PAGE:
As of yesterday, June 21st, Joker Game has completed its 12 episode run, and I must say, I was not disappointed. Though I am upset that its over and not likely to get a second season. Since I’ve already done an Impression piece on this series, linked below, I’ll try not to retread, but to be quite honest all my thoughts on Joker Game still hold up so I think that might be next to impossible.
So, for those of you who haven’t been keeping up with Joker Game or didn’t read my Impressions article, let me break the plot for you:
“Joker Game is set in the later 1930's as World War II is just beginning. In Japan, the clandestine spy agency, D-Agency, is founded and trains 8 recuits to be the perfect agents of espionage. This agency is not a branch of the Imperial Army and thus its members do not subscribe to the same philosophy. The story of Joker Game follows the members of D-Agency as they’re scattered across the globe.”
I gotta say that the format of this show was pretty interesting. The first two episodes which followed Imperial Army member Sakuma, served as an introduction to D-Agency. It set the members up and the philosophy behind it all. And then at episode 3 it takes a sharp turn. From that point forward each episode stars a specific member of D-Agency as they go about their assignments.
Now, some people may be put off by the fact that the character designs are very... generic. So generic, that you usually won’t recognize them when they’re mixed in with a crowd. This is part of the fun of the series though because you’ll be following this story that isn’t being told from the perspective of the spy and wondering how they fit into all of this if at all. And then suddenly it all fits together and you have an “Ah ha!” moment. This also lends itself very well to the whole premise of the show. Spies aren’t supposed to stick out like a sore thumb. If they do, then they aren’t doing they job correctly. So the fact that they blend in and become inconspicuous works out great.
There really isn’t much to say about the art. I’ve already commented on the character designs so you know my thoughts on that. The only other thing left to mention is the general style itself and honestly its pretty decent. Its clean, sharp, and well animated. Don’t expect a lot of color though, at least, not very often. This show loves its dark shades.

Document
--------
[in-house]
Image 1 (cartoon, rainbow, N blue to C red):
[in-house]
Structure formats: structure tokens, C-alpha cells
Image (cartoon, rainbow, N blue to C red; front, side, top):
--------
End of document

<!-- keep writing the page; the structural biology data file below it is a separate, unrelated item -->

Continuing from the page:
In an effort to not repeat myself ad nauseum, I won’t be posting the opening or ending in this review. The opening is in my Impressions article. As of right now, 2:30am on June 22nd, the official soundtrack has not yet been released, or at least, has not been uploaded to Youtube for me to listen to. So that’s why you aren’t getting a musical piece to go along with this review. I can, however, comment on the soundtrack as heard in the shows 12 episodes. And I must say, I expected nothing less of Kenji Kawai, the master of atmosphere.
This show is not a James Bond flick. Looking for action? You won’t find too much of it here and if there is any, then I can’t say that it’s the flashiest action you’ve ever seen and it definitely isn’t over the top. Its just enough to get across that these spies know how to handle themselves if everything goes tits up. The music reflects this. Its never bombastic. It’s subtle, nuanced, made to evoke an emotional reaction. And it does its job. Its background music and that’s what Kenji Kawai is good at.
Joker Game is a highly underrated show. I read a lot that its viewer count isn’t as high when compared to shows like Sakamoto, Kabaneri, Re:Zero, and even Tanaka-kun, which is why I have little hope that a second season will be made. And that saddens me because its these more nuanced shows that I absolutely love and want more of. This show has its faults, like being just a tad too slow at times or just being plain confusing at times. In fact, the episodes are out of chronological order, something I didn’t pick up on until the last two episodes, and that could throw a lot of people off.
All in all, I definitely recommend that you at least give Joker Game a 5 episode try. Its a solid show and I can’t recommend it enough for those looking for something that isn’t bouncing off the walls like Kabaneri.